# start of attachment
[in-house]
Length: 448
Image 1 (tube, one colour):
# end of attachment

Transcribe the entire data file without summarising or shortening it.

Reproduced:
[in-house]
Length: 448
Image 1 (tube, one colour):